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Book Chapter

Age relationships of the Rembrandt basin and Enterprise Rupes, Mercury

By
Sabrina Ferrari
Sabrina Ferrari
Department of Geosciences, University of Padua, via Gradenigo 6, 35131 Padova, Italy
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Matteo Massironi
Matteo Massironi
Department of Geosciences, University of Padua, via Gradenigo 6, 35131 Padova, ItalyAstronomical Observatory of Padua, INAF, Vic. Osservatorio 5, 35122 Padova, Italy
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Simone Marchi
Simone Marchi
NASA Lunar Science Institute, Southwest Research Institute, 1050 Walnut Street, Boulder, CO 80302, USA
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Paul K. Byrne
Paul K. Byrne
Department of Terrestrial Magnetism, Carnegie Institution of Washington, 5241 Broad Branch Road NW, Washington, DC 20015-1305, USALunar and Planetary Institute, Universities Space Research Association, 3600 Bay Area Boulevard, Houston, TX 77058, USA
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Christian Klimczak
Christian Klimczak
Department of Terrestrial Magnetism, Carnegie Institution of Washington, 5241 Broad Branch Road NW, Washington, DC 20015-1305, USA
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Elena Martellato
Elena Martellato
Astronomical Observatory of Padua, INAF, Vic. Osservatorio 5, 35122 Padova, ItalyDepartment of Physics and Astronomy, University of Padua, via Marzolo 8, 35131 Padova, Italy
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Gabriele Cremonese
Gabriele Cremonese
Astronomical Observatory of Padua, INAF, Vic. Osservatorio 5, 35122 Padova, Italy
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Published:
January 01, 2015

Abstract

The Rembrandt basin is the largest well-preserved impact feature in the southern hemisphere of Mercury. Its smooth volcanic infill hosts wrinkle ridges and graben, and the entire basin is cross-cut by the Enterprise Rupes scarp system. On the basis of the Model Production Function crater chronology, our analysis shows that the formation of the Rembrandt basin occurred at 3.8±0.1 Ga during the Late Heavy Bombardment, consistent with previous studies. We also find that the smooth plains interior to the basin were emplaced between 3.7 and 3.6±0.1 Ga, indicative of a resurfacing event within the Rembrandt basin that is consistent with the presence of partially buried craters. These youngest plains appear temporally unrelated to basin formation, and so we regard their origin as likely to be due to volcanism. We identify the same chronological relationship for the terrain cross-cut by Enterprise Rupes to the west of the basin. Therefore, volcanic activity affected both the basin and its surroundings, but ended prior to the majority of basin- and regional-scale tectonic deformation. If Enterprise Rupes formed prior to the Rembrandt basin, then regional-scale tectonic activity along this structure might have lasted at least 200 myr.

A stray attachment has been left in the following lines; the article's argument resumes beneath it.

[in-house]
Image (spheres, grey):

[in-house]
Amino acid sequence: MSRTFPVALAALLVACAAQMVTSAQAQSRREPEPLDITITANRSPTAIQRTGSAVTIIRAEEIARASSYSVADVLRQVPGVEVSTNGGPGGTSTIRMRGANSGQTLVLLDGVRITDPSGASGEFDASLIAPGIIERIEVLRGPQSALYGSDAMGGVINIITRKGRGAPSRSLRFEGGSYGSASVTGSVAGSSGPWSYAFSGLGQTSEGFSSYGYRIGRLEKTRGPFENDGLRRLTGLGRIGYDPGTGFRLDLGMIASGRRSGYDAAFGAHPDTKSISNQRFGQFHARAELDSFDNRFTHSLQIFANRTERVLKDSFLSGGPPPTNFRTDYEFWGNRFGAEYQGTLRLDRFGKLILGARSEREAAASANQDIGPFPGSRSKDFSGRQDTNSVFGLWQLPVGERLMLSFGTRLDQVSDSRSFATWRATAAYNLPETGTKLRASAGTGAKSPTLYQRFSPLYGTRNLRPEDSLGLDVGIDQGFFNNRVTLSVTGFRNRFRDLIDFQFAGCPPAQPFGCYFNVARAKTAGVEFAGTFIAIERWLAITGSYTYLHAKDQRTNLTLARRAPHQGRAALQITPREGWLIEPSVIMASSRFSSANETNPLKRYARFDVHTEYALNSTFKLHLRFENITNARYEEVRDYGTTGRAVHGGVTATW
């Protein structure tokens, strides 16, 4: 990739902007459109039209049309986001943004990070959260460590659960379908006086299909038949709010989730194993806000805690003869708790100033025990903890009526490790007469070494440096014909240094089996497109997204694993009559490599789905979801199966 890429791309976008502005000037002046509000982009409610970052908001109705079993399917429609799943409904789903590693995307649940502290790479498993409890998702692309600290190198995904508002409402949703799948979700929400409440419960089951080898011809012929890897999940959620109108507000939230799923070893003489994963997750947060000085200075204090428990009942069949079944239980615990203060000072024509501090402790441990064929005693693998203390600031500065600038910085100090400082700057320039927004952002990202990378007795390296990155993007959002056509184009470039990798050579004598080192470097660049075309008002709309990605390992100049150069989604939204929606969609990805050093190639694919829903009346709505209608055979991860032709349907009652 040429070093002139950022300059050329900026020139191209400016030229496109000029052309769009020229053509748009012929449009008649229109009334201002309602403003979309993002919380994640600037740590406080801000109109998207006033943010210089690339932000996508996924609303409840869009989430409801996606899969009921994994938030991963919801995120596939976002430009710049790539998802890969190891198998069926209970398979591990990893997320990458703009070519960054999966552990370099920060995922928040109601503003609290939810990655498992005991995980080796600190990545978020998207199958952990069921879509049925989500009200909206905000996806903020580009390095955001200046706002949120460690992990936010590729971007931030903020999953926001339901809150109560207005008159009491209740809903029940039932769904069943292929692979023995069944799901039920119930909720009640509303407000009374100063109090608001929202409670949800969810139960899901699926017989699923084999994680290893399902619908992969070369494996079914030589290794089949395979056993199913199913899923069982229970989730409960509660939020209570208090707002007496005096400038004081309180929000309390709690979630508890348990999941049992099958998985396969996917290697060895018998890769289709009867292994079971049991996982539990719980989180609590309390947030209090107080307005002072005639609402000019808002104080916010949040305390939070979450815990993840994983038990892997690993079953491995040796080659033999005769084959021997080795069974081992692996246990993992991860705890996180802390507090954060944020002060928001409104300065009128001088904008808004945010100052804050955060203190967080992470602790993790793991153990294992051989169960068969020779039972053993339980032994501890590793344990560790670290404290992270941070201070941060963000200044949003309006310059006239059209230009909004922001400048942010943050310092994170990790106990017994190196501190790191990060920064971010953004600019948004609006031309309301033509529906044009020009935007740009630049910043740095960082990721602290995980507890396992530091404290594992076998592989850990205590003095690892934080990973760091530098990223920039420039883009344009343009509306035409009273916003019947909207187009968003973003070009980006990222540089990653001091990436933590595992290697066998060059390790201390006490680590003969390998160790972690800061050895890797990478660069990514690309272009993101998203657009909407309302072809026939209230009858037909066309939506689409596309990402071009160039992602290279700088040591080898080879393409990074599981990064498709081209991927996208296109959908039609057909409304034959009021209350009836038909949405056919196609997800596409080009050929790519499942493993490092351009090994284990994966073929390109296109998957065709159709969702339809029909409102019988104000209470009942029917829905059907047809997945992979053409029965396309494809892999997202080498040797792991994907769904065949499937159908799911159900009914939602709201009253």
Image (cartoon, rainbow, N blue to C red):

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Contents

Geological Society, London, Special Publications

Volcanism and Tectonism Across the Inner Solar System

T. Platz
T. Platz
Planetary Science Institute, USA
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M. Massironi
M. Massironi
Università degli Studi di Padova, Italy
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P. K. Byrne
P. K. Byrne
Lunar and Planetary Institute, USA
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H. Hiesinger
H. Hiesinger
Westfälische Wilhelms-Universitä Münster, Germany
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Geological Society of London
Volume
401
ISBN electronic:
9781862396777
Publication date:
January 01, 2015

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